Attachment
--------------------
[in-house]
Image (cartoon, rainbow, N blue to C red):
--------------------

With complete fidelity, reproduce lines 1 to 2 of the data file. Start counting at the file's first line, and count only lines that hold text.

[in-house]
Image (cartoon, rainbow, N blue to C red):